Since the completion of the human genome, cataloging transcription factor binding sites (TFBSs) has been critical for understanding gene regulation. The use of comparative genomics (evolutionary conservation across species) is often championed as a method to separate the functional regulatory sequence “wheat” from the nonfunctional “chaff” [1
]. As the number of mammalian full genome drafts increases, the integration of TFBS predictions with lists of conserved noncoding regions (CNCs) has emerged as a key step in the TFBS identification process [2
]. If TFBS predictions are contiguous to DNA features that coincidentally have a critical structural role such as maintenance of chromatin organization, the appearance of conservation may be intensified even further.
Although these methods have greatly enhanced our knowledge of the human genome's regulatory repertoire, overreliance on conservation information can potentially exclude genuine binding sites. Since TFBSs are typically small, they can arise by chance in a gene's promoter and therefore may decrease selective pressures to maintain already existing sites [5
]. Another wrinkle is that the evolutionary forces that created the conservation blocks may no longer be functionally relevant to humans [6
]. Additionally, recent scans for natural selection in human gene coding regions have revealed that distinct biological pathways often are subject to widely different evolutionary pressures [7
], particularly since mutation rates have been shown to vary across the genome [9
]. Genes involved in oncogenesis and tumor suppression have experienced recent selection for mutation in primate lineages [7
]. DNA binding sites of transcription factors are also functional components of these pathways and are likely under similar evolutionary pressures. Indeed, we have focused recently on identifying human single nucleotide polymorphisms that alter the function of transcription factors [11
]. As a result, we have investigated the assumptions for using mammalian conservation as an obligatory screening step for seeking TFBSs.
The p53 tumor suppressor gene, encoded by the TP53
master regulatory gene, is a transcription factor that coordinates a network of cellular responses to environmental insults. Over half of human cancers have a mutation in the p53 protein or one of its partners [13
]. The p53 protein is estimated to have several hundred transregulation target genes that affect pathways including apoptosis, DNA damage repair, and cell-growth arrest [14
]. As a result, p53 target genes are highly sought-after drug targets for halting cancer progression. According to in vitro experiments, the p53 protein binds specifically to a palindromic consensus sequence, RRRCWWGYYY(N0−13
], with nearly all REs containing at least one mismatch; in vivo results have suggested that the spacer region may be much smaller [14
]. The sequence is typically located within 5,000 bases of the target gene's transcriptional start site, and p53 either induces or represses expression upon p53 binding [16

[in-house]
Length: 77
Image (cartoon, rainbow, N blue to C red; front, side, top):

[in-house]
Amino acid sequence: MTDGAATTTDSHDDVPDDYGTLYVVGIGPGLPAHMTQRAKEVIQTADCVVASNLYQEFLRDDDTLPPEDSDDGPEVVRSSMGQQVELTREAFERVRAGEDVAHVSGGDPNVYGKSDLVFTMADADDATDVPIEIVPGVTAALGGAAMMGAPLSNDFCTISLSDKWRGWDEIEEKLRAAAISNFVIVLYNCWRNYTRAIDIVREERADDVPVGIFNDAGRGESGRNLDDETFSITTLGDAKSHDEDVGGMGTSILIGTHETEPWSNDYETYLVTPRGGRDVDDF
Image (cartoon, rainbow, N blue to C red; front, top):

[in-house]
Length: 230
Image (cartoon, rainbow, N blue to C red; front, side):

]. One feature of p53 that confounds the discovery of novel transregulated genes is that while some binding sites match the expected consensus sequence quite well, others can be consensus poor and yet are both necessary, and sufficient, to transactivate a gene [18
]. A recent study has suggested that the “rules of engagement” for p53 REs may differ based on the activated pathway, particularly in the apoptosis and cell-cycle–related systems [19
]. Thus, we have used cross-species conservation to examine if these groups of elements exhibit distinct conservation profiles.
To evaluate the utility of comparative genomics approaches in the identification of potential p53 target REs, we gleaned the literature for a high quality set of bona fide p53 REs to estimate the degree of conservation between humans and other mammals. To relate the TP53
system to other master regulators, we compare its binding site conservation to those of the transcription factors encoded by two other genes: NFκB
(nuclear factor of kappa light chain gene enhancer in B-cells),
central to inflammation responses, and NFE2L2,
which encodes NRF2 (nuclear factor [erythroid-derived 2]-like 2 nuclear factor), a regulator of oxidative stress. Their repertoire of interactions is expected to be highly preserved throughout the mammalian lineage. The NFκB transcription factor is a heavily studied biological switch of the inflammation, apoptosis, and immune responses [20
]. It binds the consensus sequence GGGRNNYYCC [22
], and its signaling system is highly conserved even when examined in invertebrates [21
]. NRF2 binds antioxidant REs (consensus sequence = TMANNRTGAYNNNGCRWWWW [25
]) that are comparable in size to those of p53, show high levels of conservation [26
], and are found in the promoters of genes that confer protection from oxidative stress and chemical carcinogens [27
]. Mouse models of Nrf2-dependent response to oxidative and electrophilic insults have been used to study function [28
]. Additionally, the Nrf2 pathway in zebrafish operates similarly to humans and underscores the likelihood of high conservation in regulatory binding sites [30
]. Because the NFκB and NRF2 binding sites were determined to be highly conserved, these two sets of TFBSs serve as positive controls in estimates of conservation. Our comparative genome analysis, which includes a coincident evaluation of sampled promoter sequences and coding region sequence, reveals that mammalian conservation does not apply to p53 target REs in general. However, among subgroups of target genes we observe purifying selection acting on a number of p53 binding sites, including many cell-cycle–related genes, while rodent to human homology is lacking for p53 REs in apoptosis-related genes.